• Your photo will most likely open in the Editor in Full Edit mode. On the Left is the Tool Panel which contains all the main tools used in Elements , things like the Zoom Tool, Hand Tool, Selection Tools, Type tool, Crop Tool, Brushes, Erasers and many others. At the Bottom is the Project Bin which shows a thumbnail of all files that are currently open in the Editor. Double click on a thumbnail to bring the photo into use. On the right is the Panel Bin which holds the Effects Panel , Layers Panel and others. Many other panels are available under the Window Menu.
  • The top right corner has Undo and Redo Buttons. You can go back multiple steps in the Editor. There is also a button to get back to the Organizer. The Arrange Button will adjust the way open windows are displayed in the Editor. Consolidate All in the Top Left corner will maximize the current file window and tab the rest of any open file windows. There are horizontal views and vertical views as well as Float All in Windows .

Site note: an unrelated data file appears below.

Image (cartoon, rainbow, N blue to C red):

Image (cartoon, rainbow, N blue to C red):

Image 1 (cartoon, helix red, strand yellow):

• *There are other features like Create and Share which carry their own Color Identity .
  • *At this point, explain pixels. There are many ways to zoom and move around inside of Elements . ( Control + ) zooms in one step ( Control – ) zooms out one step There is also a zoom tool in the Tool Panel.
  • With the Hand Tool selected, click and hold the left mouse button down and move the mouse. The Hand will grab the picture so it can be moved around. Holding down the Spacebar toggles from whatever tool is in use to the Hand Tool . When done moving the photo, release the spacebar and the previous tool will be selected again. * This works for all tools except the Type Tool .
  • There will be three editing options. 1 – Full Edit – This is a edit with full manual controls. * More will be covered in higher levels 2 – Quick Edit – This is an area with a bunch of sliders for quick color adjustments, tonal adjustments and other tasks. 3 – Guided Edit – This is where Elements helps walk the user through some of the different adjustments and fixes while giving descriptions and directions. This is a great way to learn how to use many of the features inside the Editor.
  • Spend a couple minutes adjusting the lighting with the sliders. Adjust the sliders anywhere from zero to 100. There is also an auto feature. This is nice to try and see how Elements tries to fix the photo.